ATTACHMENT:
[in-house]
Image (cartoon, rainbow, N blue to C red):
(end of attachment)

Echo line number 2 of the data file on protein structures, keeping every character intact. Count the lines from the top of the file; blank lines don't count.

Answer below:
Image (cartoon, rainbow, N blue to C red):